Dispatches from Portugal and the Philippines: Notes on Student Pandemic Life

by Robert Junqueira and Hadje Cresencio Sadje

Ⅰ. Portugal Against COVID-19: The Case of the University of Coimbra

As a student at the Institute for Philosophical Studies of the Faculty of Arts and Humanities of the University of Coimbra, I am poised to provide a circumscribed report centered on my institutional abode. The ongoing pandemic proved no less harrowing in Portugal than anywhere else in the world. Policymakers and the governing bodies of the different institutions were urged into action, and the various parts of society were called upon for a coordinated effort to face a menace that, in addition to being lethal, is not visible to the unaided eye. It would seem that in order to speak about this viral incursion, recourse to a militaristic or martial discourse is necessary. In this “war” of everybody against the virus—perhaps the first World War in which all nations find themselves in the same trench—the whole scholarly community has been summoned to serve. At the University of Coimbra, the community at large answered the battle cry. The higher studies at Coimbra were adjusted promptly, and all necessary precautions were taken to ensure that compliance with the curricula would be minimally compromised. Despite the prevailing belief that distance learning falls short of the lofty mission of education, it was through the use of digital media and plenty of dedication that the university succeeded in securing, over consecutive lockdowns, a steady track to keep the train moving.

Despite all possible efforts that were undertaken, online learning, on its own, made it difficult for students to concentrate on what was being lectured. Moreover, the awareness of the gravity of the moment enhanced the psychological weariness of learners. Who could have been prepared for unabating reports of staggering numbers of deaths? How could anyone listen carefully enough to the voice of a professor speaking through a display about the wonders of ancient philosophy, immediately after watching photographs depicting dozens of caskets being prepared for victims of the viral spread? Coimbra students showed up in large numbers to the virtual classrooms where classes were held. Unfortunately, I dare say, few enjoyed the benefits of the transmitted knowledge. Since the Coimbra PhD in philosophy has no curricular program, being entirely consecrated to the writing of the thesis, the problems that my philosophy colleagues and I came across were rather peculiar. All the same, we still endured the inaccessibility of working environments, such as libraries, and the absence of companionship, not to mention this whole human misery which is still unfolding.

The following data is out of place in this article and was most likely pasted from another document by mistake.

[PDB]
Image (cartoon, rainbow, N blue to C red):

Starting in March 2020, the university implemented a hybrid lecturing model. It was only in the second half of April 2021 that on-site sessions were resumed, in line with government recommendations. Wearing a mask remains mandatory. To ensure the safety of the community, daily testing procedures for COVID-19 have been tightened. The screening center at the University of Coimbra is now prepared to perform a thousand tests per day. Numerous checkpoints for measuring temperature were set up and general guidelines for being present in university spaces were defined. Each measure follows the directives and standards of the World Health Organization (WHO), the European Center for Disease Prevention and Control (ECDC), National Contingency Plan (Plano de Contingência Nacional, PCN), and the instructions emanating from the Portuguese Directorate-General of Health (Direção-Geral de Saúde, DGS). The UCare emotional support line has been launched to provide the university community with assistance in developing time and anxiety management strategies while in confinement. Furthermore, the deadlines for submitting reports and dissertations have been lengthened for MA and PhD students, and those who are in seclusion are being given the possibility to have meals delivered directly to their doorsteps.

Founded in March 1290, the University of Coimbra is among the oldest universities still operating in the world today. It was here that leading figures of late scholasticism such as Pedro da Fonseca, Francisco Suárez, and Manuel de Góis lectured, during the period that came to be known as early modernity, a time when the Portuguese crown ruled over a colossal overseas empire. It could be contended that for a few decades (1581-1640) it was not the Portuguese crown, but the Spanish, which controlled the Portuguese imperial territory. Not true. One should bear in mind that Philip II of Spain was not admitted as Philip I of Portugal before undertaking to maintain the customs, and prerogatives of the Portuguese. There was, unquestionably, an Iberian Union, but the distinction between the two kingdoms was never abolished. The Kingdom of Portugal fought the plagues of 1569 and 1579 on its own, and the subsequent plagues, during the Philippine dynasty, cannot be considered part of the history of the Spanish plagues either: the 1598 plague was as much of a Portuguese misfortune as the ones that followed the restoration of independence, namely the 1646, 1649, and 1680 plagues. Just as Portugal struggled against Spain for its independence, the peoples under Portuguese rule strove to seize the reins of their own affairs. Over the centuries, the gradual and hard won emancipation of colonized nations did not prevent the Portuguese tongue from becoming one of the major idioms worldwide—nowadays the sixth most spoken language—with approximately two hundred and forty million speakers all over the planet. Like plagues, languages have a certain viral component, they spread…

Yet, to mention Portugal is also to mention the European periphery, and the nation’s financial vulnerability portends a rather hefty hangover in the wake of the global nightmare of this pandemic. The extreme right-wing movement is on the rise in Portugal, appearing as a lifeline to those who, amidst many difficulties, are deceived by the songs of vultures dressed up as goldfinches. To the left and to the right, the political establishment has not been able to provide an adequate response. Its best idea was to try to outlaw the political party that currently represents the extreme right in the parliament, thereby actually encouraging the victimization discourse and consequent media attention. The present government in Portugal started out with all the conditions in place to do an excellent job, yet it has been somewhat disappointing. Undoubtedly, its governance has been hampered considerably by the effects of the pandemic emergency, but some shortcomings are beyond reason. Suffice it to say that this government does not regard it as a priority to inoculate university teachers.